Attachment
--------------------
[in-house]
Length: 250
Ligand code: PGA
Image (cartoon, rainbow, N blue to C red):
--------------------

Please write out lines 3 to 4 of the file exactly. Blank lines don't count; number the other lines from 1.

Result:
Ligand code: PGA
Image (cartoon, rainbow, N blue to C red):